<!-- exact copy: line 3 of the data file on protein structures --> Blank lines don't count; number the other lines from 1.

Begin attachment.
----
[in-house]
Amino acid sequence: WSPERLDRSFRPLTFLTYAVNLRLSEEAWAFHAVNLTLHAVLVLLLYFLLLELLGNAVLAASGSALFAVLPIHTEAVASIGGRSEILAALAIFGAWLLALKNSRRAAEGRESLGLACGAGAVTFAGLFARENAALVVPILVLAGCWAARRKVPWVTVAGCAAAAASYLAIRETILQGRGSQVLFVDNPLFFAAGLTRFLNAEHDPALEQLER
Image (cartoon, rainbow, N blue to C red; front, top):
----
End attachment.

Image (cartoon, rainbow, N blue to C red; front, top):